crimes they had not yet committed but it was assumed they might commit,
the Cuban Criminal Code devotes several articles to “the state of danger
and measures of security.”

An index of pre-criminal dangerousness is practically nonexistent in the
world. It translates to applying a coercive measure in the present for
something a person “might do” in the future. People call it “the law of
dangerousness.” It’s common to hear, “They applied ‘the danger’ to him.”

Vicente Rodriguez is a former political prisoner who knows the law for
having suffered it firsthand. “Both men and women who are sentenced
under the law of dangerousness, when they get to prison, are sent to the
galleries for 21 days. After that time they are sent to Prison 1580 or
other so-called State ‘settlements’,” he says.

According to Rodriguez, in these “settlements” the prisoners work from
Monday to Sunday, “Building buildings for people in the Ministry (of the
Interior), and other State interests. And with a minimum wage. The
prison has these ‘minimum security’ camps for those charged with
‘danger.’ The ‘danger’ (law of dangerousness) is minimum offense. As
it’s not a crime, you go to prison with a job. As an imprisoned worker.”

Rodriguez says that the law is, “Nothing more than a justification to
find a workforce.” If the prisoner has a good attitude, it’s possible
that a sentence of two years will result in parole after eight months,
or a four year sentence is served in just two years. Analyzing the
phenomenon, it doesn’t seem convenient to leave the barracks empty. “So
if 25 are set free, 25 have to come in. To do the work,” Rodriguez adds.

“A good share of the buildings built after 1959, have been built by
prisoners. Alamar, Barlovento, buildings in Guanabacoa, in Cotorro the
CIMEQ hospital,” says Rodriguez, who claims to have been in the latter
when it was held in Valle Grande in 1983. “There are brigades they take
out and they give them incentives, such as passes to visit their family
every 45 days. If you work hard in the time you’re working, you get a
five-day pass, not three. The slaves are right here.”

In a prosecution for dangerousness, “The person has no right to defend
himself, he has a lawyer who is decorative. It seems that the trial is
already over, you’re penalized because ‘the factors’ [the
investigator/prosecutors] say that you have to be deprived of your
freedom for two years.”

To remove the law of dangerousness from the Penal Code, it is necessary
that the state respect human rights and particularly the right of every
person to be presumed innocent until proven guilty.

It’s worth mentioning that in the world there is a post-criminal
dangerousness index, where if a person commits a crime and is found to
be mentally unstable, and so cannot serve a sentence but is potentially
dangerous; it is as if they had already committed a crime as it is
feared they will continue to violate the legal well-being of the
society. In that case, a measure is taken such as placement in a hospital.

Writer Ángel Santiesteban has fallen through the net

Recently, the writer Ángel Santiesteban was transferred from prison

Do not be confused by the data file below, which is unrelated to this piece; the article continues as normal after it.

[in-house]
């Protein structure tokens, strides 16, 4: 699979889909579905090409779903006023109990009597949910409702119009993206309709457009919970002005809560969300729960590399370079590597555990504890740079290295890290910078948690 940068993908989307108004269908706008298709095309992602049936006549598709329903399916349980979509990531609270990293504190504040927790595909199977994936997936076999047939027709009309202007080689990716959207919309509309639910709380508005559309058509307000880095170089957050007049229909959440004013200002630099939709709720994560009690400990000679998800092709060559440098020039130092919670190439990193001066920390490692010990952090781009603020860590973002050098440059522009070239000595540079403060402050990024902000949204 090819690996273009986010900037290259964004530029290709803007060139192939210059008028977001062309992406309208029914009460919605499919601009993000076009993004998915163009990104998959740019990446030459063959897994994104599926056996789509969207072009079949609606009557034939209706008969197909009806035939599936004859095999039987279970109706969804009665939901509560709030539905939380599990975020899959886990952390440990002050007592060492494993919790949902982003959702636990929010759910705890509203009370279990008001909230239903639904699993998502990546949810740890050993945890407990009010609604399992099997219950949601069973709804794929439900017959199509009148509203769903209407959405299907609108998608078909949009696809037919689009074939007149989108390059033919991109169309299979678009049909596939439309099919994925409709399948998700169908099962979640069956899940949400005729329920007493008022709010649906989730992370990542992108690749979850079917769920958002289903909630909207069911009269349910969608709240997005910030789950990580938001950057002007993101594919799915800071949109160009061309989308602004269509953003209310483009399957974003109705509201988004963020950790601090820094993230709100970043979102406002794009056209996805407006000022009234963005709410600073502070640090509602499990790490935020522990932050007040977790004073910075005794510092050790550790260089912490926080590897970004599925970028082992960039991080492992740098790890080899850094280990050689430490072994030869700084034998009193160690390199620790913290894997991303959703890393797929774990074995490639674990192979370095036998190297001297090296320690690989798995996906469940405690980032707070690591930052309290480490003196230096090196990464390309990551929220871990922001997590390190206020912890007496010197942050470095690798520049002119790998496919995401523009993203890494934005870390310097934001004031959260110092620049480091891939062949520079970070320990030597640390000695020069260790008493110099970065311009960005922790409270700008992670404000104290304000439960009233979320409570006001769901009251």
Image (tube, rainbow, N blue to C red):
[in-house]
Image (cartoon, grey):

1580, where he was serving a sentence of five years for alleged domestic
violence — which the artist denies — to one of these “settlements.” As
explained above, it is likely that the author of the blog The Children
Nobody Wanted will be used as a construction worker.

Through third parties, his blog is still active from prison, so through
him we could learn about the forced labor caps which are so similar to
the notorious Military Units to Aid Production (UMAP)*, implemented by
the Castro regime its early years.

*Translator’s note: UMAP was a set of forced labor camps where people
the regime considered “anti-social” or “counter-revolutionary” were
incarcerated, including homosexuals, religious believers, and others.

16 August 2013

From Cubanet

Source: "Workers for the Nomenklatura / Lilianne Ruiz | Translating


babalublog.com...


edit on 20-12-2014 by ElectricUniverse because: add comment.



posted on Dec, 20 2014 @ 07:20 PM
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a reply to: ElectricUniverse

Just curious as to where you were educated. Someone failed when it came to the word "today". No one is saying anything about the past. Raul is making advances in human rights though TODAY. Baby steps sure but moving in the right direction.



posted on Dec, 20 2014 @ 07:30 PM
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originally posted by: intrepid
a reply to: ElectricUniverse

Just curious as to where you were educated. Someone failed when it came to the word "today". No one is saying anything about the past. Raul is making advances in human rights though TODAY. Baby steps sure but moving in the right direction.



And I am just curious as to your understanding that i have family in Cuba TODAY, I keep in contact with family and with Cuban bloggers TODAY...

As for your wondering of my education, it really has no relevance on this topic. But I do have to wonder what is it so hard for people like you to understand that many of these so called changes don't really help Cubans...

How in the world does it help a Cuban that he/she is allowed to get a hotel room in Cuba when they only get on average $10-$30 U.S. D. a month? Even doctors who are specialists in more than one field only get around $60 U.S.D. A MONTH...

Here, let me actually help you... What is the price of a hotel room in Cuba?...

From $32 to over $100 U.S.D. A NIGHT...

www.cubatravelusa.com...

Can you do math, or are you bad at it too?

BTW, Cubans do have living expenses. Water, the sporadict electricity, the phone, etc. BTW, yes there are Cubans who do have to pay rent. It depends on the circumstances.


edit on 20-12-2014 by ElectricUniverse because: add comment.



posted on Dec, 20 2014 @ 07:34 PM
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originally posted by: ElectricUniverse

originally posted by: intrepid
a reply to: ElectricUniverse

Just curious as to where you were educated. Someone failed when it came to the word "today". No one is saying anything about the past. Raul is making advances in human rights though TODAY. Baby steps sure but moving in the right direction.



And I am just curious as to your understanding that i have family in Cuba TODAY, I keep in contact with family and with Cubans bloggers TODAY...